In essence, this is like having Ben Zobrist in his prime. Yes, Zobrist did eventually settle at second, but he also played all over. The operating plan with Zobrist seemed to be he had to play everyday, but where he would play would be dictated by the rest of the roster and lineup.
That’s how the Mets should be entering this season. It’s all well and good to think McNeil could be your best second base option, but they can’t overlook displacing McNeil from that position and shifting him elsewhere should another option emerge.
Overall, if you’re limiting McNeil to just second, you’re taking away part of what makes him great. Instead of treating him like just a second baseman, they should treat him like the player who can and should be moved around the diamond to help the Mets offensively and defensively.
With Ha-Seong Kim signing with the San Diego Padres, the New York Mets ability to obtain a third baseman grew exponentially more difficult. That’s not to say there aren’t options.
Nolan Arenado and Kris Bryant remain on the trade bloc. Of course, pulling the trigger on a deal for either player is extraordinarily difficult due to the damage Brodie Van Wagenen inflicted on the Mets farm system.
Looking at the remaining free agent third base market, Justin Turner is the only everyday third baseman available. There are many obstacles with him including his age and desire to stay with the Los Angeles Dodgers.
This leaves the Mets going all-in on the aforementioned trade options or getting creative.
The creative options involve the Mets addressing second base. That could be signing DJ LeMahieu, or better yet, Kolten Wong. Luis Guillorme could be given the starting second base job he’s more than earned, or the team could go with Andres Gimenez there with Amed Rosario back at short.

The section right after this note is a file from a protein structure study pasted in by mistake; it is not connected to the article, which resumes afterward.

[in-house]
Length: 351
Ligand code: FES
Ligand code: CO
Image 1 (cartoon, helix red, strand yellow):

These and other options are on the table so long as the Mets believe they can entrust the third base job to Jeff McNeil.
Now, last year, the Mets gave up on McNeil at third rather quickly. There were many reasons why including J.D. Davis‘ ineptitude in left. Of course, Davis was equally inept at third (again) causing this issue.
The other reason why the Mets moved McNeil from third was McNeil struggled there. In 75.0 innings, he had a -2 OAA and a 0 DRS. Part of the issue was he struggled with his throws.
This should give everyone pause, but it should be remembered 75.0 innings is the epitome of a small sample size. Another issue is the bizarre nature of the 2020 season. Taking all that into account, we shouldn’t overreact to McNeil’s third base defense.
Entering last season, McNeil had a career 3 OAA and 5 DRS at third. Of note, that was still a small sample size with his having played 173.1 innings over the span of two years.
However, while he’s doesn’t have extensive third base experience in the majors, he played over a thousand innings at third in the minors. This leaves the impression the Mets believe he can handle the position.
Well, maybe. In Sandy Alderson’s first Mets stint, he was reluctant to call-up McNeil saying he wasn’t a third baseman. When Robinson Cano was suspended, Alderson said third was “up in the air.” All told, in typical Alderson fashion, we’re still not quite sure what he thinks.
Whatever the case, McNeil is easily the best in-house option. As the options for third dry up and look all the more unattainable, he increasingly becomes the only option there leaving the Mets to replace Cano at second with someone else.
At least with second, there are plenty of very good options remaining. Unfortunately, McNeil is probably not one of those options as the Mets could very well need him at third.
The New York Mets have a number of needs this offseason, and they’re oft discussed. However, the biggest one that’s overlooked is the giant hole at third base.
Simply put, the Mets cannot afford to put J.D. Davis there again. He’s been terrible at the position in his career, and there’s really no reason to expect any different in 2021.
In his career, Davis has a -19 DRS and -5 OAA in 770.0 MLB innings. With his posting a -8 DRS and -3 OAA at the position in 2020, it would appear his skills are regressing instead of progressing. When you break it down, he’s no more than a 1B/DH thereby leaving the Mets searching for a third baseman.
That’s a spot which likely would’ve gone to Jeff McNeil, who had his own issues at third. However, with Robinson Cano‘s suspension, it would seem McNeil is the everyday second baseman. Accordingly, the Mets will have to look outside the organization to fulfill their third base vacancy.
That is problematic because the options available aren’t great.